Childhood should be a wondrous and exciting time. But even a child who grows up in a loving and stable family environment will feel fear and anxiety. And this is OK! So if you want to help your child with anxiety, there are a couple key concepts to understand and components to incorporate.

Think back on your childhood. Everything new was something to be not-so-sure of. It was easy to feel a bit anxious on the first day of school or meeting someone for the first time. A child understandably often feels anxious at bedtime, having to go to the doctor or dentist, or on their first day of summer camp.

When children experience anxiety, they may run away, become very quiet, scream, shake, act silly, cling or have a tantrum to avoid the stressful situation. You probably have tried to talk with your child and reason with them in these moments. But this generally doesn’t work.

Research reveals that it’s extremely difficult for young children to think logically or control their behavior in these anxious moments (Guess what? It is for adults too!). They are experiencing real fear and the fight/flight/freeze mode that accompanies it.

3 Science-Backed Ways to Help your child with anxiety

1. Stimulate Their Vagus Nerve


One of the most effective ways to help your child with anxiety is to teach them how to tap into the vagus nerve to relax their body.

The vagus nerve is located on both sides of the voice box. Studies have shown that stimulating it can interrupt the fight/flight/freeze mode and send a signal to your brain that you are not under attack.

Some easy ways to help your child stimulate this nerve are:

  • Have them chew gum
  • Hum or sing
  • Gargle with regular warm water
  • Eat a piece of dark chocolate (this is also a parasympathetic regulator)
  • Long, slow exhalations

2. Help Them Slow Their Breathing


If you want to help your child with anxiety you need to teach them how to breathe for relaxation.

Like adults, when children are anxious they tend to take rapid shallow breaths from the chest. Taking slower, deeper breaths from the abdomen sends a signal to their brain that they are safe and can relax.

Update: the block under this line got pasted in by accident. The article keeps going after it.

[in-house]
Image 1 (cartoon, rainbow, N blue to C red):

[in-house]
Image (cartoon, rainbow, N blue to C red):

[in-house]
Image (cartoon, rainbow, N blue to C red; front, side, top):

Older children may be able to follow you as you show them slow breathing exercises. For younger children, there are some playful ways to get them to slow down and control their breathing. You can have them blow bubbles, blow into a pinwheel, imagine your fingers are birthday candles and have them slowly blow them out, teach them to whistle and simply see if they can hold their breath for three seconds as if they were swimming.

3. Be Silly


Sometimes a great way to help your child with anxiety is to just be silly and get some laughs in.

Research also suggests that humor can significantly reduce anxiety. Humor has a way of distracting, relaxing muscles and releasing endorphins that fight stress and anxiety.

Try silly knock-knock jokes or word games like “I went on a picnic.” A quick internet search will result in a ton of corny jokes that your youngster will most likely love, so print some out and have them on hand.

Anxiety is a natural and normal part of life and if you use these techniques, you may be able to help your child manage theirs. If you feel like the anxiety your child is experiencing may be more severe that what seems appropriate, or if it is interfering with daily life, find an awesome therapist you like and trust to help.

James Killian, LPC is the Principal Therapist & Owner of Arcadian Counseling in Greater New Haven, CT where they specialize in helping over-thinkers, high achievers, and perfectionists reduce stress, increase fulfillment and enhance performance so they can move From Surviving To Thriving.